MERS virus 2013 news update: The MERS virus has claimed the lives of three more people including two women and one man bringing the total number of MERS virus fatalities globally to 50. The latest three victims of the SARS-like MERS virus were identified on Saturday by the health ministry in Saudi Arabia, according to a Sept. 7, 2013, Aljazeera MERS virus news report.
According to a CDC update on Sept. 6, 2013, the MERS virus was first reported in Saudi Arabia in 2012. MERS, or also called Middle East Respiratory Syndrome, is a viral respiratory illness caused by the coronavirus called MERS-CoV.
So far, all cases of the MERS virus have been linked to four countries in or near the Arabian Peninsula. No cases have been identified in the U.S. However, travelers into the Middle East are advised to be familiar with the symptoms of MERS since they are very similar to SARS.
Besides Saudi Arabia, MERS virus cases have so far been found in France, Italy, Jordan, Qatar, Tunisia, the United Kingdom, and the United Arab Emirates. The CDC recognizes the potential for the virus to spread further and cause more cases and clusters globally, including in the United States.
MERS virus symptoms include fever, cough, and shortness of breath. About half of all people infected with the MERS virus have died.
Margaret Chan, the head of the World Health Organization is calling the MERS virus "a threat to the entire world."
"We understand too little about this virus when viewed against the magnitude of its potential threat. Any new disease that is emerging faster than our understanding is never under control. These are alarm bells and we must respond. The novel coronavirus [MERS virus] is not a problem that any single affected country can keep to itself or manage all by itself."
There are no specific treatments for illnesses caused by MERS-CoV. Medical care for people infected with the MERS virus is only supportive and able to help relieve symptoms.
New research has found that a combination of existing drugs may help some patients infected with the new MERS coronavirus. However, those drugs have only been tested in monkeys so far.
Since there is no vaccine or treatment proven to be effective in humans, experts are struggling to understand MERS. MERS is considered to be a cousin of the SARS virus that erupted in Asia in 2003 and infected 8,273 people, nine percent of whom died.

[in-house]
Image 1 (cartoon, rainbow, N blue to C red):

The MERS-CoV virus has been shown to spread between people who are in close contact. Transmission from infected patients to healthcare personnel has also been observed.
The most recent three cases of MERS virus deaths included a 41-year-old health sector worker in Riyadh and a 79-year-old woman who came into contact with a patient stricken by the virus in the northeastern city of Hafr Al Baten. The third MERS virus victim is a man from Qatari who had been suffering from a chronic illness.
The CDC advises that people who travel to Middle Eastern countries follow the same guidelines as advised for flu season:
- Wash your hands often with soap and water for 20 seconds, and help young children do the same. If soap and water are not available, use an alcohol-based hand sanitizer.
- Cover your nose and mouth with a tissue when you cough or sneeze then throw the tissue in the trash.
- Avoid touching your eyes, nose, and mouth with unwashed hands.
- Avoid close contact, such as kissing, sharing cups, or sharing eating utensils, with sick people.
- Clean and disinfect frequently touched surfaces, such as toys and doorknobs.
If traveling to the Middle East, the CDC advises to be aware of the MERS virus, its symptoms, and what to do in case symptoms develop.
“If you develop a fever and symptoms of lower respiratory illness, such as cough or shortness of breath, within 14 days after traveling from countries in the Arabian Peninsula or neighboring countries, you should see your healthcare provider and mention your recent travel.”